Abu Bakr al-Baghdadi, Amedy Coulibaly, and Mehdi Nemmouche all have something in common, and it’s not just that they have committed barbaric acts of violence to advance their cause but they were all radicalized in prisons. In the wake of the White House Summit To Counter Violent Extremism, repeated criticism for the administration’s attempts to disassociate groups like al Qaeda and the Islamic state from Islam and Graeme Wood’s widely read article claiming the contrary have overshadowed one of the most important yet underemphasized fronts in the international effort to prevent terrorism: radicalization in prisons.
Awwad Ibrahim Ali al-Badri al-Samarrai was once known as the “Messi,” in reference to Lionel Messi the famous Argentinian striker, of his mosque’s football team according to a profile in the Telegraph. He received a master’s degree and doctorate in Islamic Studies at Islamic University in Baghdad and while he was certainly a religiously conservative adherent to salafism, it is uncertain exactly when he became a militant. What is clear is that after spending four years in Camp Bucca, Iraq Awwad had transformed into the brutal extremist leader we now know as Abu Bakr al-Baghdadi, not only radicalized beyond the point of rehabilitation, but now a source of radicalization himself.
Amedy Coulibaly was a troubled youth who spent time in and out of prison starting in 2001, when he was sentenced to jail for robbery according to reporting by the Washington Post. Coulibaly was not particularly religious, but after being convicted again of armed robbery in 2005 he met Djamel Beghal, a European-based al Qaeda recruiter serving a 10-year sentence for plotting to attack the U.S. Embassy in Paris in 2001. It was in France’s Fleury-Merogis prison, one of many hailed to “have a reputation as factories for radical Islamists,” that under Beghal’s tutelage, Coulibaly began a path of radicalization and violent extremism culminating with the attack on a kosher market in Paris.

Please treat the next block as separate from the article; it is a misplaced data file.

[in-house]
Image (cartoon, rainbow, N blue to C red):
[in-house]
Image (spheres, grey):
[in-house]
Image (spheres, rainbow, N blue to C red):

Mehdi Nemmouche, arrested in June of last year, now stands trial for the May 2014 murders of four people outside of the Jewish Museum of Belgium in Brussels. Nemmouche, convicted of various petty crimes including armed robbery, similarly was in and out of prison from 2001 onwards, where it is believed that he was radicalized during his final five year sentence while he grew close to “radicalized Islamists.” He had been released from prison two years prior to the attacks in Brussels. Additionally, early reporting indicates that Omar Abdel Hamid El-Hussein, the alleged attacker of the shootings in Copenhagen last month, may have been radicalized in prison. He too had been released just two weeks before the attack.